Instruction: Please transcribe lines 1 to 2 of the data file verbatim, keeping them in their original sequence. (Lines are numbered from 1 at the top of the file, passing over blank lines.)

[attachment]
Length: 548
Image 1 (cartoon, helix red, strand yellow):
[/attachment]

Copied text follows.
Length: 548
Image 1 (cartoon, helix red, strand yellow):